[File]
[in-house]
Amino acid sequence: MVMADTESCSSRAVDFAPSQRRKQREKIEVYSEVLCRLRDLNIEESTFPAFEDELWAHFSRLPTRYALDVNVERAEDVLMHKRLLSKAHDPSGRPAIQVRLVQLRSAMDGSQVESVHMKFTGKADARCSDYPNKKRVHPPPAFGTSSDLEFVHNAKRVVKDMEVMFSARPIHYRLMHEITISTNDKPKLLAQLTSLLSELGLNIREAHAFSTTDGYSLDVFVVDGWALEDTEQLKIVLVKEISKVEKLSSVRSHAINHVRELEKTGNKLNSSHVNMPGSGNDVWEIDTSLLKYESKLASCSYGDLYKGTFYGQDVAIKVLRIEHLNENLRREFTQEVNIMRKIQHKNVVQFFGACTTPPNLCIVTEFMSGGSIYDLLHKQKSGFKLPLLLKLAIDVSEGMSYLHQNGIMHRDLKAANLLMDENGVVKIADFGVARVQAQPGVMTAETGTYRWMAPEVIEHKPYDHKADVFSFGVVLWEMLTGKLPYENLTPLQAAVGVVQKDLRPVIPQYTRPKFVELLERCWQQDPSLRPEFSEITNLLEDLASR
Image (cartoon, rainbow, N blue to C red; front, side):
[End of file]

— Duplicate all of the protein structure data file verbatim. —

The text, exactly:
[in-house]
Amino acid sequence: MVMADTESCSSRAVDFAPSQRRKQREKIEVYSEVLCRLRDLNIEESTFPAFEDELWAHFSRLPTRYALDVNVERAEDVLMHKRLLSKAHDPSGRPAIQVRLVQLRSAMDGSQVESVHMKFTGKADARCSDYPNKKRVHPPPAFGTSSDLEFVHNAKRVVKDMEVMFSARPIHYRLMHEITISTNDKPKLLAQLTSLLSELGLNIREAHAFSTTDGYSLDVFVVDGWALEDTEQLKIVLVKEISKVEKLSSVRSHAINHVRELEKTGNKLNSSHVNMPGSGNDVWEIDTSLLKYESKLASCSYGDLYKGTFYGQDVAIKVLRIEHLNENLRREFTQEVNIMRKIQHKNVVQFFGACTTPPNLCIVTEFMSGGSIYDLLHKQKSGFKLPLLLKLAIDVSEGMSYLHQNGIMHRDLKAANLLMDENGVVKIADFGVARVQAQPGVMTAETGTYRWMAPEVIEHKPYDHKADVFSFGVVLWEMLTGKLPYENLTPLQAAVGVVQKDLRPVIPQYTRPKFVELLERCWQQDPSLRPEFSEITNLLEDLASR
Image (cartoon, rainbow, N blue to C red; front, side):